Saturday, August 21, 2010


Al Awlaki threat masks a deeper danger
by John Harrison and Kathryn Floyd
05:55 AM Aug 11, 2010

The public's sudden fascination with new jihadi celebrity Anwar Al Awlaki over the last several months has masked a longer term and more dangerous threat: The growing presence of credible, English-speaking jihadis.

There has been a concerted effort for several years by Al Qaeda and its supporters to attract individuals in non-Muslim majority countries, due to the fact that many potential supporters do not speak Urdu, Turkic or Bahasa, let alone Arabic. Given that many of the potential recruits spoke English, and the main language of the Internet is English, it was logical to develop a cyberspace presence that relied on this language.

Even so, prior to the Fort Hood shooting, Al Awlaki's name rarely appeared in the South-east Asian jihadist websites or forum. But after the massacre by Major Nidal Malik Hasan, Al Awlaki's name spread like wildfire through the Arabic chatrooms and then the rest of the world's online community.

His rapid rise to prominence was the result of his ubiquitous presence in English on the Web and Facebook. With his carefully selected passages from the Quran, Al Awlaki's soundbites resonate with Arab, North American and South-east Asian Muslims alike.

This raises two troubling questions: First, does this mean that the only recently understood Arabic Web is being superseded by a largely unknown English extremist Internet? And second, is Al Awlaki a harbinger of a problem or the problem itself?

The first question depends on the information being provided. When one is looking for justification for a terrorist attack or an echo chamber to reverberate radical ideas, it would make sense to go straight to the source or global authority: Arabic Internet sites.

As more disgruntled individuals from Indonesia to New Jersey look to justify their actions, they will attempt to access the touchtone provided by the Arabic Web, but they will need easy access to the information. In this, the English voices are merely a convenient medium for radical ideas espoused by Middle Eastern extremists.

However, it is only a matter of time before original interpretations and ideas are offered by the English sites. Thus, a comprehensive strategy to deal with this emerging threat needs to be developed forthwith.


The answer to the second question is more clear. Al Awlaki is viewed as a credible source and mentor, as he translates existing ideas. But what may be rapidly emerging is Al Awlaki using his celebrity status to offer his own interpretations of ideas that will resonate with a non-Arabic audience.

South-east Asian extremist websites are already taking this course of offering their own interpretations, making it more difficult to challenge the jihadi narrative, as there is no longer one story, but a series of localised narratives that are easily understood, digested and transmitted by the Internet. Thus, as dangerous as Al Awlaki is, he is potentially only the visible tip of a much deeper problem.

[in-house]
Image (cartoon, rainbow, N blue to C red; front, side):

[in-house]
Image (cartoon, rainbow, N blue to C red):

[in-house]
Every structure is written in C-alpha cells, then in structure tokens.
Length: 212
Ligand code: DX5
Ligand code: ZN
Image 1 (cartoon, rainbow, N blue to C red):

Although Al Awlaki has skyrocketed onto the front pages of international newspapers, he commands a far less loyal and capable core following than the Al Qaeda leadership enjoys. However, if there is a void in the upper echelons and young chatroom participants are looking for a new icon, Al Awlaki will maintain his relevance as a reference source and sympathetic ear.

Thus, Al Awlaki's true threat is his ability to recruit isolated individuals, encourage and sanction operations, and offer easy-to-understand radical ideas to the masses. And given his rapid rise to prominence, he offers a path for others who want to assist the global struggle but may not want to actually fight.


The new picture of a jihadi is an English-speaking, celebrity ideologue, reaching out to a vulnerable mass audience. That said, it remains to be seen precisely how many vulnerable individuals have been mentored by Al Awlaki, received his electronic blessing for their devious and deadly actions, and are waiting to act.

In recent weeks, it has surfaced that two young men in different parts of the United States exchanged emails with Al Awlaki and underwent various stages of radicalisation, only to be intercepted by law enforcement personnel.

Aside from the lack of secure communication, one fatal weakness in Al Awlaki's influence is that it is so very public, and therefore capable of being monitored. Security officials may be able to guard against terrorism simply by listening and watching, then arresting, while learning how to pre-empt future apprentices of Al Awlaki's.

Al Awlaki may be able to control portions of cyberspace, but his homegrown quarters are quickly being limited.

John Harrison is an Assistant Professor at the S Rajaratnam School of International Studies and Head of Terrorism Research at the International Centre for Political Violence and Terrorism Research. Kathryn Floyd is a PhD candidate at RSIS and covers the Middle East for ICPVTR.